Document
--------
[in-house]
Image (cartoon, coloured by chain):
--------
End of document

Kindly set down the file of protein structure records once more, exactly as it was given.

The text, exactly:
[in-house]
Image (cartoon, coloured by chain):